photo IMG_3885_zpstoiql42r.jpg

 photo IMG_3895_zps8ua1x67s.jpgTo our (and Brownie’s) delight, the most iconic building is still standing, fully in tact.  Not only is it untouched, but for the first time that I’ve seen, the cyclone fencing around it has been removed, making this a strangely inviting location.

The large metal building, which had turned into a mountain of twisted metal was removed (before and after pictures below), along with the remains of a 1960’s VW Mini Bus.  The loss of this bus is a negative to me because it was a wonderful example of how this location went from a center of hate and domination in the ’40s to a home to artistic endeavor and free thought/love in the ’60s.  Poetry in history.  The remnants of the van were brought up to the main road, likely for easier collection.

 photo IMG_1673_zpskpupefhc.jpg  photo IMG_3907_zps3t5mi7i1.jpg

I didn’t really want this to be a “review” of the changes, as I am quite the naturalist/preservationist.  I would’ve loved to see what was left standing of the large structure secured in a safe way, but I understand clearing out the debris.  Though I hate the loss of the water tank, people getting stuck inside of it (again, like idiots) makes this an easy decision for the powers that be to simply remove it.  Removing the wall & fence at the trail head seemed unnecessary.  Simply opening the gates and welding them to a secure, open position would’ve been effective and a much easier task then removing everything in full.  Still, as far as everything else is concerned, I’ve found my peace with what we’ve lost and I just hope nothing else goes.  This is such a wonderfully unique piece of Los Angeles history, it would be a shame to lose anything else.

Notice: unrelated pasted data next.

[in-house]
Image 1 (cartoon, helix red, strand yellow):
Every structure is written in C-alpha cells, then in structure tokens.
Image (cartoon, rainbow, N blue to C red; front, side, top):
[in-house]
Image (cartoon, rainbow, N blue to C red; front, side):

I plan to do a more complete live video discussion on this topic in the near future on Periscope.  That video will later end up on YouTube and right here with video footage of some hard to find locations and a lot more ‘off the beaten path’ structures in this area you may not know about.  Stay tuned!